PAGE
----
Wooden shelves, their contents mostly packed into the cardboard boxes in front of them, line one of the walls in Barbara Burch’s office, located at the former FaCET house on Chestnut Street.
Burch herself, wrapped in a dark colored shawl, is shuffling papers around and trying to navigate through the growing sea of boxes surrounding her desk and round wooden table adjacent to the ceiling-high shelves.
“I’m moving to Gary Ransdell Hall, room 110,” Burch said.
This is not the first office relocation for Burch, who called the provost’s office at the top of the Hill home for 14 years.
Burch added another notch to her administration belt on Halloween when she was sworn in to be the faculty regent on the Board of Regents. She ran unopposed and was elected to the position with a total of 165 votes on Oct. 15.
“I know at first blush that may not seem like a large number, but… it only takes one vote so actually I’m quite impressed that 165 faculty chose to vote in the election, affirming their support for Dr. Burch,” President Gary Ransdell said.
Burch is the elected successor of former regent Patricia Minter, who served as regent for seven years. Minter decided to step down to focus more on her research and scholarship projects.
“After seven years, (Minter) has done a yeoman’s task at this, so my goal is to be a really successful and effective faculty regent,” Burch said. “(Regent) is not something I thought I would ever do.”
Despite Burch running unopposed, the election was clouded in controversy. A state statute and a WKU Human Resource policy rendered some potential candidates ineligible to run on the grounds that they have family, spouses or partners employed at WKU.
The election was held to election code standards and regulations, but confusion arose amongst staff as to whether those potential nominees were disqualified due to those policies or whether they had declined nomination.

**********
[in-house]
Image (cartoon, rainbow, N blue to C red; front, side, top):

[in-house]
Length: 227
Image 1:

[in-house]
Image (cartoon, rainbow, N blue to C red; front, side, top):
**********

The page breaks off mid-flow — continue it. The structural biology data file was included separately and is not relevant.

“The election process for me was not one I interjected myself in to,” Burch said. “This was something that faculty leadership and senate had to work through.”
The two potential nominees in question, Molly Kerby, a professor in the department of diversity and communication, and Claus Ernst, a mathematics professor, both ultimately declined their nominations, leaving Burch as the only candidate.
The flurry of email correspondence and confusions caused by the election made faculty call for a more clear interpretation of the state statute that rendered Kerby and Ernst ineligible for candidacy.
With the support and agreeing voices of other state universities, General Counsel Deborah Wilkins said the Council on Post Secondary Education requested a formal opinion from the Attorney General to clarify the state statute.
There is no official deadline for when the formal opinion will be released.
Up the Hill and Back Again
Burch started her career with WKU as an undergraduate student, climbing the Hill in the late 1950s to earn her degree to teach on the collegiate level. Her degree took her to positions at California State University, Fresno, where she served as a dean, and the University of Memphis, where she served as an instructor.
“I moved around a little,” she said.